Sunday, April 24, 2011

A perfect day


Today was a perfect day in the sugar bush. It didn’t matter that the sap wasn’t really running. This Easter Sunday, like nearly every Easter Sunday for the past 26 years, we spent our day in Budd and Marguerite Andrew’s sugarbush.

The sun glistened off the waters of Grandrud Lake. The call of the loon echoed through the woods. Drifts of pelicans glided just beyond the trees, to settle on the lake. The air was full of the sound of people laughing and talking and making music.

We hung intricately decorated eggs in trees. We found bright wire baskets holding plainer eggs in trees. We hid eggs in hollows in trees, under logs, and around corners. Kids and adults ran or strolled from one bright spot of color to the next, adding eggs to their baskets. When they had found all the eggs that they could, they rehid some of their eggs for the next group of hunters.

We ate ham and fresh bread, strawberries and jicama, hot cross buns and peeps, hummus and vegetables, and of course, eggs – chocolate, malted milk, deviled, and just plain hard boiled.

It was a sweet day.
It was a bittersweet day.

Today was our last day in the sugarbush on the shore of Grandrud Lake. Next year, we will be in a new sugarbush on another piece of property. We will begin to learn new paths through a new woods. We will discover the biggest maples and where the wild leeks grow. We will explore a whole new ecosystem for signs of beaver, coon, otter, fisher and squirrel. We will learn where the bloodroot blooms, and the crimson cap fungus first appears in the spring. We will search for sumac to carve into spiles and pussy willows to harvest. We will locate new sources of grape vine and bittersweet for baskets. We will begin to name the trees. There will never be another Lacey, that huge, gnarled old maple whose branches are dying, but who is still one of the best sap producers in the woods, but we’ll find another tree to begin building legends around.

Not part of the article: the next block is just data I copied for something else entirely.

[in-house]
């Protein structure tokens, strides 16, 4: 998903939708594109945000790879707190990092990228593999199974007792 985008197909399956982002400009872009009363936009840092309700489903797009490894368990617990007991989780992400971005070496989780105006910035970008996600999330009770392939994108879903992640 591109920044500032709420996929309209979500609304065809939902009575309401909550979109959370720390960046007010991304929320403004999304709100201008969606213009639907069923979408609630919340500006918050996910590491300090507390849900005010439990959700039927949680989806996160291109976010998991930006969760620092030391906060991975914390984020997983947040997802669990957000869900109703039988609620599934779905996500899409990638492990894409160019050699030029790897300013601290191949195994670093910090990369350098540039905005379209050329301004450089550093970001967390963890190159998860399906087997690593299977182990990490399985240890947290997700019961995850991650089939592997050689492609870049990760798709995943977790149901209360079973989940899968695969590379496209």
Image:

In a new sugar bush we won’t have to scavenge as far as we’ve had to the last few years for dead trees; there will be lots of wood for burning where-ever we set up our sugar camp. On the other hand, we will have to build a new shed to store our gear and find a new place to hang the kitchen cupboard. But maybe, we’ll finally build the roof over the fires that we’ve always dreamed of, so that even on rainy days people will be comfortable out in the woods. And then, as we stand around the fires, splitting wood, toasting bread or making pudgy pies in pie irons, we will tell the stories of the years in the old sugar bush, and begin creating new legends.

1 comment:

  1. I loved reading your post today. Thank you. ~ Dawn

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